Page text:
There are some acquisitions that haven’t worked out quite so well for Microsoft: aQuantive and Danger, to name two.
And then there are the acquisitions Microsoft can’t stop boasting about.
Microsoft announced a year ago that it would be purchasing Yammer for $1.2 billion. Since that time, the number of registered Yammer users has grown more than 55 percent to nearly 8 million, according to Microsoft. That’s up from 7 million two months ago and 5 million at the time of its acquisition.
Yammer’s paid networks have increased more than 200 percent since last year, Microsoft said, and user activity (such as messages, groups and files) has doubled. In addition, the number of developers building apps on Yammer has increased more than 70 percent.
“The continued boom in Yammer’s growth is validation that enterprise social represents an important trend in the way people want to share, learn and connect at work, similar to how they’re interacting in their personal lives,” David Sacks, Yammer co-founder and Microsoft Office division corporate vice president, said in a statement.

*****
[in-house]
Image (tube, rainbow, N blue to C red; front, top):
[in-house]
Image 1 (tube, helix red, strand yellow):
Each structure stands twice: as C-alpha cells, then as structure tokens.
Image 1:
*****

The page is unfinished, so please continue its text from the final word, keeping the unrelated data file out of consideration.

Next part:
In the past year, Yammer has offered a number of updates to its features, including message translation capabilities and improvements to file collaboration, Microsoft said.
In addition, Microsoft is working on integrating a number of its products and services with Yammer. The latest releases in that effort include a Yammer newsfeed for SharePoint Online and Office 365 that can replace the SharePoint newsfeed; and a new Yammer app, available at the end of this month in the Office Store, that will allow users to embed Yammer group feeds into SharePoint sites.
Microsoft also said that in the coming months it plans to improve interoperability between email and Yammer and create integrated search across Yammer and SharePoint.